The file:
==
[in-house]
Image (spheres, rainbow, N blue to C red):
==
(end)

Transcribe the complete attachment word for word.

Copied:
[in-house]
Image (spheres, rainbow, N blue to C red):